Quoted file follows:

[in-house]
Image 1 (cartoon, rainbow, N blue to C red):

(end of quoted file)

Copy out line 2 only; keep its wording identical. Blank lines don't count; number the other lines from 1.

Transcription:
Image 1 (cartoon, rainbow, N blue to C red):